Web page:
WASHINGTON (AP) - Twelve Alzheimer's patients injected with an experimental vaccine are suffering serious brain inflammation.
The vaccine's manufacturer halted the experiment last month when it discovered that the first four patients, all from France, were suffering the encephalitis-like reaction.
Since then, doctors have discovered eight more people with the apparent side effect, which can be hard to distinguish from worsening Alzheimer's, said Bill Thies of the Alzheimer's Association. All 12 are stable or improving, he said.
But the reactions raise serious questions about the future of Elan Corp.'s vaunted vaccine.
Elan excited researchers in 2000 when it discovered that in mice, the compound could ward off and even reduce brain-clogging plaques that are a hallmark of Alzheimer's disease.
Initial safety tests in British patients showed no signs of serious side effects. But because the vaccine works by inducing the immune system to attack the protein that makes up those plaques, called beta amyloid, some scientists had warned that brain inflammation was a potential serious side effect. Thus, participants in the latest 360-patient study were warned about the potential risk, Thies said.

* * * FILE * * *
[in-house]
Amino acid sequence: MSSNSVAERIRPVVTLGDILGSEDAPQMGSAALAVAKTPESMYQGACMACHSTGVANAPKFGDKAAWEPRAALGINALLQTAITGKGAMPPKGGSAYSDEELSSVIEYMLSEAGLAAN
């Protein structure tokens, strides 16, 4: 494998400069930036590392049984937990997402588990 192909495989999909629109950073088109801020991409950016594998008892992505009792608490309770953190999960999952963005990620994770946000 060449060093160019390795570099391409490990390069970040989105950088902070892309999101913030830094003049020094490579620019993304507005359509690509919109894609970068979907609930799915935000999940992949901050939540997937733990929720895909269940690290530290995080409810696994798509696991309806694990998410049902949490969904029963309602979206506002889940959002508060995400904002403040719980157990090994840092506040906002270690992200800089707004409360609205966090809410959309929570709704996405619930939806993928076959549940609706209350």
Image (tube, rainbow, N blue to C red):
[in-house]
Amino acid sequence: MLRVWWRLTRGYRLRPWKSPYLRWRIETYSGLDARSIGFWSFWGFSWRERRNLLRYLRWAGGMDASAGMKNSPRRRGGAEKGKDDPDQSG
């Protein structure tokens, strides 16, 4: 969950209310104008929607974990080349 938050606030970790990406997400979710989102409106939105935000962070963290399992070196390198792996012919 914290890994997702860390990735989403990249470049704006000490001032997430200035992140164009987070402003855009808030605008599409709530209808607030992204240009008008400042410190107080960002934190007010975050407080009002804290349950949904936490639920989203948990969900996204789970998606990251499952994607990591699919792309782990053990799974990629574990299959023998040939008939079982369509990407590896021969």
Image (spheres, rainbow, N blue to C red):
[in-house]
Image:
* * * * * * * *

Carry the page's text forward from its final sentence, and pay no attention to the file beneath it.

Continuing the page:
Elan spokesman Max Gershenoff wouldn't discuss the cases but said they are under review by an independent scientific panel appointed to oversee the research.
The study might be able to continue if there were some way to identify who is at highest risk of the reaction, Thies said, but Elan's oversight panel and government regulators would have to agree.
Shares in Elan, Ireland's largest pharmaceutical company, fell Friday on the news. Elan was trading down 5 percent at $13.06 a share in early trading on the New York Stock Exchange.
It's the latest bad news for the firm, which already has seen its stock value slashed by two-thirds in recent weeks. Earlier this month, the Securities and Exchange Commission began investigating Elan's accounting practices after The Wall Street Journal reported the company appeared to be concealing losses in joint ventures, an Enron-style practice that Elan chiefs vehemently denied.